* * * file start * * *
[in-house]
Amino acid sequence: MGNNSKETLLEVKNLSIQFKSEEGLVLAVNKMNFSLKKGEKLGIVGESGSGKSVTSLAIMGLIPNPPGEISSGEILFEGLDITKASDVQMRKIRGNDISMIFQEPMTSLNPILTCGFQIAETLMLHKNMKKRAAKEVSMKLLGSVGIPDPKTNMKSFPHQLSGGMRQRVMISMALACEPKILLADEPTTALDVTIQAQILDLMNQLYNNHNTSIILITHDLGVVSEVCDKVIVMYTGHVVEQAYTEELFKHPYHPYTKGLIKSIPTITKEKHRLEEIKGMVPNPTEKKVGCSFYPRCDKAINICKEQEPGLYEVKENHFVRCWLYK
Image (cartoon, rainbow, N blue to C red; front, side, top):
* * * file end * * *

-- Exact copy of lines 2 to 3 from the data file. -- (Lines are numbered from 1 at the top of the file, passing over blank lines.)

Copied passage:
Amino acid sequence: MGNNSKETLLEVKNLSIQFKSEEGLVLAVNKMNFSLKKGEKLGIVGESGSGKSVTSLAIMGLIPNPPGEISSGEILFEGLDITKASDVQMRKIRGNDISMIFQEPMTSLNPILTCGFQIAETLMLHKNMKKRAAKEVSMKLLGSVGIPDPKTNMKSFPHQLSGGMRQRVMISMALACEPKILLADEPTTALDVTIQAQILDLMNQLYNNHNTSIILITHDLGVVSEVCDKVIVMYTGHVVEQAYTEELFKHPYHPYTKGLIKSIPTITKEKHRLEEIKGMVPNPTEKKVGCSFYPRCDKAINICKEQEPGLYEVKENHFVRCWLYK
Image (cartoon, rainbow, N blue to C red; front, side, top):